Roth IRAs — Building tax-free retirement income
Who is eligible?
If you earn taxable income below certain IRS-defined limits, you can contribute to a Roth IRA. The income limits are tied to your marital status and how you file your taxes. The IRS periodically adjusts these limits, so check with your tax advisor or speak to a financial professional to see if you qualify.
You invest after-tax money in a Roth IRA, but your withdrawals are income tax-free.
What are the tax breaks?
Since you fund a Roth IRA with after-tax dollars, you get your tax break— tax-free income—on the back end, when you withdraw your money. As long as your money stays invested, it has the potential to grow tax-free.
How do withdrawals work?
In order to make “qualified” tax-free withdrawals, you must:
- Have your Roth IRA for at least five years, AND
- Met one of the following eligible events:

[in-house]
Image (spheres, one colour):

- Attain age 59½
- First-time home buyer’s eligibility – up to $10,000
If you take withdrawals that are not “qualified,” you may be hit with income taxes and IRS penalties. If you’re under age 59½, you can take withdrawals without penalty under certain IRS-approved exceptions.
Unlike a traditional IRA, you do not have to take mandatory minimum withdrawals when you reach age 70½. You can leave the money in your Roth IRA and let it continue to grow income tax-free or even pass income-tax free retirement savings on to your spouse or other beneficiaries.
Can I switch from a traditional IRA to a Roth IRA?
If you decide that tax-free income in retirement is important to you, you can convert a traditional IRA to a Roth IRA. However, the money you move into the Roth IRA is counted as income in the year you make your conversion, so you have to pay income taxes on the converted balance. After this one-time tax hit, your Roth IRA has the the ability to grow income-tax deferred and potentially receive income tax-free withdrawals..
Is a Roth IRA right for you?
The potential to build up a source of tax-free retirement income makes a Roth IRA an enticing investment, particularly if you think you might be in a higher tax bracket when you retire. If you think you might be in a lower tax bracket, consider a traditional IRA for an immediate tax deduction. For even more tax planning flexibility, consider dividing your retirement savings between a Roth and a traditional IRA.